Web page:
As outlined under 4. in the answer to question 2 above, most existing regimes will allow the couple to opt out of its application by formal agreement. If the couple can agree to disapply in full, this generally then is understood that they can also choose to have the cohabitation regime apply in part, or that they can replace it with agreement on their own – which then are subject to the general contract law rules in the given jurisdiction.


Particularly in civil law jurisdictions, but also in many common law jurisdictions, the express statutory possibility to opt out often is understood to mean that the couples were meant to be able choose this option and that therefore the courts do not, in principle, have a power to interfere or set aside the agreement unless the challenge relates to the conclusion of the agreement (for example undue influence, duress etc.).


However, there also is the view that – just like for pre-nuptial and post-nuptial agreements in case of marriage2 –there is an absolute core of the family law obligation that is not at the disposition of the parties. This then often relates to relationship-generated disadvantages/considerations of need and compensation. The extent of this varies according to the underlying social policy reasons for the regime in the first place and the legal and social structures in the jurisdiction generally.

Where this view prevails, the courts can then intervene and set aside the agreement in part or in full so that the minimum protection, i.e. the absolute core of the family obligation, will be upheld. However, such ‘minimum rules’ are relatively rare, given that the regime applies without the couples having opted in and thus considerations of autonomy are generally seen as requiring a full opt-out possibility.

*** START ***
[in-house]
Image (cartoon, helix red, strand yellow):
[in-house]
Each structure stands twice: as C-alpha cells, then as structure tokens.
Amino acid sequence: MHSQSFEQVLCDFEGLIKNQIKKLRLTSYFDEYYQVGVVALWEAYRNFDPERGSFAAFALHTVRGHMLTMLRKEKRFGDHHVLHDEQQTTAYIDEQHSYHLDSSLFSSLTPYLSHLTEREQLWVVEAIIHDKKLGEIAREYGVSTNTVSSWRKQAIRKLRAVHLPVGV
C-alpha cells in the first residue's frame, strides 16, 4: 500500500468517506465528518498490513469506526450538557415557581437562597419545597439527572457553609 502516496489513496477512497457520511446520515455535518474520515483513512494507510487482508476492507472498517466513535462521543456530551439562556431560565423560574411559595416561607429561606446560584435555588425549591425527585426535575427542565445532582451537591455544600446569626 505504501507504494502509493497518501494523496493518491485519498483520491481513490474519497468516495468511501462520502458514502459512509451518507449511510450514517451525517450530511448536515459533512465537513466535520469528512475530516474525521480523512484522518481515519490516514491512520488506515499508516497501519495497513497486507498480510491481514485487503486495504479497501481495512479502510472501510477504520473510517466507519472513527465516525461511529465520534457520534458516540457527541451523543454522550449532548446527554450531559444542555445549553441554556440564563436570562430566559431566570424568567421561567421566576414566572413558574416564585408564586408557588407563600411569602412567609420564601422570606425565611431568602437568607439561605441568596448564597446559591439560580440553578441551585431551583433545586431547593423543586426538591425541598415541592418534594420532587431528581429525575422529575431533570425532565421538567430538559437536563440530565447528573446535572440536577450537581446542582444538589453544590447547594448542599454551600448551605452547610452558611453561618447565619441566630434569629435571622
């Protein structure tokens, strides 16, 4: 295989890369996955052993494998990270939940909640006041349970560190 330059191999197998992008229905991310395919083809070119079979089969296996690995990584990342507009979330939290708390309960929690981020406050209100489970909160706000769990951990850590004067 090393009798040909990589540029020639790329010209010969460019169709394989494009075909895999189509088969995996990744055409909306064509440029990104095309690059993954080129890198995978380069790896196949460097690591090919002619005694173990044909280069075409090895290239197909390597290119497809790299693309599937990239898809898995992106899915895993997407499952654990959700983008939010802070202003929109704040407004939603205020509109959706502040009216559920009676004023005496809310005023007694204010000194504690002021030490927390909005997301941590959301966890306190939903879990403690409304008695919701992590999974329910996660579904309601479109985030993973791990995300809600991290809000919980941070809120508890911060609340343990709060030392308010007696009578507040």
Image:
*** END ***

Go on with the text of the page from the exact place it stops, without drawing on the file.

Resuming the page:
That said, in many jurisdiction what might be seen as the core obligations, namely those resulting from the past, ongoing or future care of children, are covered not by rules relating to


2 On this see in particular JM Scherpe, “Marital Agreements and Private Autonomy in Comparative Perspective” in JM Scherpe (ed.), Marital Agreements and Private Autonomy in Comparative Perspective, Hart Publishing, 2012, pp. 443-518, esp. pp. 483 ff.


Written evidence submitted by Professor Jens Scherpe [HAB0385]

the relationship of the couple as such but to those tied to the raising of children. These generally therefore are not at the disposition of the parties. Thus even those jurisdictions where the couple can opt out of the cohabitation regime as such and the courts have no power to disapply the agreement, the parties will nevertheless be held to certain minimum obligations arising from the cohabitation relationship by the courts. This certainly applies to many obligations arising as a result from childcare (including e.g. a personal maintenance claim by the primary carer in addition to child support claims), but can also (as mentioned above) include other obligations arising under the general law.


February 2022